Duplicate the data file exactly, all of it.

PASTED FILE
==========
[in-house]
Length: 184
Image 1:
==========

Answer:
[in-house]
Length: 184
Image 1: